Congratulations to Architecture BA(Hons) students Jamie Singlton and Armen Etemadrad, two brilliant Brighton students who have been awarded a Sussex Heritage Trust bursary for the Oak Timber Framing: Wall Framing course. Find out more about Jamie studies at Brighton and what the bursary means to him .You can find out more about Armen here.

I grew up in a village in West Sussex so Brighton has always been fairly local to me. From looking at the variety of Architecture courses available from universities, Brighton seemed to be the only real course that has actively demonstrated how it is possible to achieve and practice more. Opportunities of making a real difference with projects such as the waste house and other live project like the current one we are doing in Studio 26 – a cricket Pavilion and community centre in Bexhill – excite me. It provides a level of detail to and specificity to what we do to create real conclusions of what’s around us and how we can use architecture as a means to change communities positively.

I have thoroughly enjoyed my time here, I found the format our course personal, and allowed us to better engage with staff and students. The structure of the design studios acting as an office space creates a pleasurable working environment with each of us having a dedicated space that encourages us to come in and work collaboratively.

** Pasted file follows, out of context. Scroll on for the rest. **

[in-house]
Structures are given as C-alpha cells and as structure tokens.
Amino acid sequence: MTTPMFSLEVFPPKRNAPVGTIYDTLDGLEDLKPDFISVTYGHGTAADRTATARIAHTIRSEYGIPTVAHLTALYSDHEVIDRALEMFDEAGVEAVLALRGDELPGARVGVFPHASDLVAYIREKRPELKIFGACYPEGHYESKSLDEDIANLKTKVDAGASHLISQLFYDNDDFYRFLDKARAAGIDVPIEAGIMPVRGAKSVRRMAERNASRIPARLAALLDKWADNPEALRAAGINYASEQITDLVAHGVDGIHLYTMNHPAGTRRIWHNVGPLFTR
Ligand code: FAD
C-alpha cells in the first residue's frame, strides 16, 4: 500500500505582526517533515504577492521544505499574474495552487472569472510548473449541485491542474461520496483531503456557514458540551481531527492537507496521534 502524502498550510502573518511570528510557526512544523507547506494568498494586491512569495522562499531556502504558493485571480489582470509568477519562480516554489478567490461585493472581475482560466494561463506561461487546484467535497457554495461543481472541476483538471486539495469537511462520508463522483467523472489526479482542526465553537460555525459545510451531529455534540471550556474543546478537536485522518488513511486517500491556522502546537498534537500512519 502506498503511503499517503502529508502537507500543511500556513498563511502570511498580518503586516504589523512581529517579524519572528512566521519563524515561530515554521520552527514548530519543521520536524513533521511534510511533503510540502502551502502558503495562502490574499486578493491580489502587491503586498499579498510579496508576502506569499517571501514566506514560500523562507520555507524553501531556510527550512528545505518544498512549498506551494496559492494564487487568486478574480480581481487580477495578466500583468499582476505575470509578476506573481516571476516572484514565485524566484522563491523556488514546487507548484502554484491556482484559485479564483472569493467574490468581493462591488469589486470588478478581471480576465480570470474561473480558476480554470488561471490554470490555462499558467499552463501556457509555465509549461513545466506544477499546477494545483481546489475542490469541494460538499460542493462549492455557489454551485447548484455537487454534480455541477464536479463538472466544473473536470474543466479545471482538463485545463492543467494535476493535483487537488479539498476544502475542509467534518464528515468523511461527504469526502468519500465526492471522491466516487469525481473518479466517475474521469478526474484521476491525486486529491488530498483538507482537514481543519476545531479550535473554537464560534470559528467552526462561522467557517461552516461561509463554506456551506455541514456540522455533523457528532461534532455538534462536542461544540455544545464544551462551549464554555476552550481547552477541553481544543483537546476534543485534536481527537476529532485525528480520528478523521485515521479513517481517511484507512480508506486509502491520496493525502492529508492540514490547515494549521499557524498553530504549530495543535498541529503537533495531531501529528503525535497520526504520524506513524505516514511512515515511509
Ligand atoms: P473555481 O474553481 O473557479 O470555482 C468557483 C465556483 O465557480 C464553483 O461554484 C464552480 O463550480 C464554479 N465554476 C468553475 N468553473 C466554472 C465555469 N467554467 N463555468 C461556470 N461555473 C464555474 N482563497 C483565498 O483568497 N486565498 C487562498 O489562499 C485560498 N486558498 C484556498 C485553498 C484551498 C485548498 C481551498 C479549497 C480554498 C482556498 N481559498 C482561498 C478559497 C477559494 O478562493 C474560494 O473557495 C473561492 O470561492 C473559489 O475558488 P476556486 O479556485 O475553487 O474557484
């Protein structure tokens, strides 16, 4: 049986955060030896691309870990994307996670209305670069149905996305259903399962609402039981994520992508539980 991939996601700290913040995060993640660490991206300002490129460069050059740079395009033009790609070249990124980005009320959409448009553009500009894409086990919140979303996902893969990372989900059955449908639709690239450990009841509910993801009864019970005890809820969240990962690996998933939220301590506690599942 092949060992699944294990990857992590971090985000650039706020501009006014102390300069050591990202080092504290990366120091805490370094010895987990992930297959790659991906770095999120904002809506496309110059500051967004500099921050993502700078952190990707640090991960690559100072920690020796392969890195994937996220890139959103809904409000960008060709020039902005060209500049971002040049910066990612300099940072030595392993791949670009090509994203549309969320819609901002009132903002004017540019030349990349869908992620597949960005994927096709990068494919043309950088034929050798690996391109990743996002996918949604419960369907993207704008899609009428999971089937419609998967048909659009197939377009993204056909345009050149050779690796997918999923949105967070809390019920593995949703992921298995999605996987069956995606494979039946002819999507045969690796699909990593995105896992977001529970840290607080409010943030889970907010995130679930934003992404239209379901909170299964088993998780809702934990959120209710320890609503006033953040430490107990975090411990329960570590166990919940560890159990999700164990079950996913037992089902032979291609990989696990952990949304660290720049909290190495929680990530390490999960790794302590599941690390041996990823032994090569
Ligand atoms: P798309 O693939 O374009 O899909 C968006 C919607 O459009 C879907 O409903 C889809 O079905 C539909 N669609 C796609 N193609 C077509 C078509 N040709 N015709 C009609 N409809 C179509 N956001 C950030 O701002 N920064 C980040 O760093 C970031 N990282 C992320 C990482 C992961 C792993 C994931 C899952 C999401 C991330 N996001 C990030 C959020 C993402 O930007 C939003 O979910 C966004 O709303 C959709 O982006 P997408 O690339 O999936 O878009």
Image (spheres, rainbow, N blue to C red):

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Architecture student Armen smiling and looking off camera

Bursary award for Architecture student Armen

Congratulations to Architecture BA(Hons) students Armen Etemadrad and Jamie Singleton, two brilliant Brighton students who have been awarded a Sussex Heritage Trust bursary for the Oak Timber Framing: Wall Framing course. Find out more about Armen’s studies at Brighton and what the bursary means to him. You can find out more about Jamie here.

I chose Brighton because of it’s architecture school facilities and experienced staff.

I have enjoyed using the workshops to create different types of models with various techniques. I have also enjoyed working with different people in the studio to push events and create fun little experiences throughout our year. Model making and sketching ideas are by far the most enjoyable activities I have done.

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Close up photo of Jesse wearing sunglasses

Life at Brighton for prize winning Sustainable Design MA student

Huge congratulations to Sustainable Design MA student Jesse Mugambi, one of two winners of Jägermeister’s #SaveThe Night global competition, which supports nightlife projects around the world. Jesse’s prize is €50,000 to build a music studio and nightclub from decommissioned shipping containers in his native Kenya.

Find out more about Jesse and his time at Brighton in conversation with us here, and discover more about his prize winning project in this post.

What did you study as a first degree?
Architecture BA (Hons) at University of Brighton (2020)

Tell us about your project